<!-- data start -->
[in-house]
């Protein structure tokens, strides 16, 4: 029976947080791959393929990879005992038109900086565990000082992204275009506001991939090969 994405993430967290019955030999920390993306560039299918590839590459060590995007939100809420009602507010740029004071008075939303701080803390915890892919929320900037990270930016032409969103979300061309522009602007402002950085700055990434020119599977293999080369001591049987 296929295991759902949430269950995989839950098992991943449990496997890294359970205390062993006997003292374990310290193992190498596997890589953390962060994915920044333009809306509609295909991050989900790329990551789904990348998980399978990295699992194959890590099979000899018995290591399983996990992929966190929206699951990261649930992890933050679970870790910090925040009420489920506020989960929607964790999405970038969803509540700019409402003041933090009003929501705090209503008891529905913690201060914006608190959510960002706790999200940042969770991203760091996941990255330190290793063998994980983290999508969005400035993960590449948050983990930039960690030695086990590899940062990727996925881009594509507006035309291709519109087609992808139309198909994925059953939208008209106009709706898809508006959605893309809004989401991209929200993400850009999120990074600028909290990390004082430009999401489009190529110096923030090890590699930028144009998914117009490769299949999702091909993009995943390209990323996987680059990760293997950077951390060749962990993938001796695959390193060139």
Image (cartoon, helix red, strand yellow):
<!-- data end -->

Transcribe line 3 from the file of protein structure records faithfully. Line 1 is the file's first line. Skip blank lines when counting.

Image (cartoon, helix red, strand yellow):